Do you believe that Paul’s explanation of why humans sin and die via his Adam story in Romans 5:12-21 has any root in reality, even if only a metaphorical or allegorical reality? Or is Paul’s Adam story only a vehicle for explaining the “solution” that Christ’s death and resurrection offer without having any correspondence with reality, even if only metaphorical? Do you think that the answer to the sin and death question lies wholly outside of Paul’s explanation?

    In other words, I am willing to accept the possibility that story of Adam used by Paul in Romans 5 may not in fact be rooted in history as we understand it. But based on my own (admittedly very flawed and probably not defensible) presuppositions about Scripture I find it very difficult (if not impossible) to believe that the story of Adam used by Paul is not rooted in reality at all, whether that reality is expressed as parable, allegory, simile, metaphor, etc. In other words, if Paul’s explanation for the origin of sin and death in Romans 5 has absolutely no correspondence to reality whatsoever (even if only metaphorical or symbolic), and if we are to look for an explanation elsewhere, then why is the Adam story there at all and what value does it have, especially when at face value it seems to offer an answer to the very problem that Christ’s death and resurrection solve? A symbol that has no correspondence at all to what it symbolizes loses all meaning.

    Thanks again for the great book.

    Struggling with this,


    • peteenns

      I guess one question i would need to ask is what metaphorical yet rooted in reality means.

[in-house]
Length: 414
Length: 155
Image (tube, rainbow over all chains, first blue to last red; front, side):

• Chad

        What I mean by “metaphorical yet rooted in reality” is that while the Adam narrative in Romans 5 may not in fact be historical, it does communicate a real truth about who we are and why we are the way we are. As an example, God does not literally have an arm, but the expression in the Bible “the arm of the Lord” communicates a real truth about the nature of God, namely his strength or power. Another way to put it is that God has something LIKE an arm, i.e.: strength. Now if God was in fact NOT strong, a metaphorical reference to the “arm of the Lord” would make no sense because the metaphor does not actually correspond to a REAL attribute of God. So what I am asking is if the Adam/sin/death narrative in Romans 5 actually communicates real truth about human nature. I am not so concerned about whether it is HISTORICALLY true but whether it is at least true IN SOME SENSE, even if only symbolically. If not, then why would the story be present at all? Does that help to clarify my question? Thanks, Chad

        • peteenns

          Chad, when you phrase it this way, I see your point and I agree. Actually, there are times when metaphor speaks more loudly and clearly than other means of communication.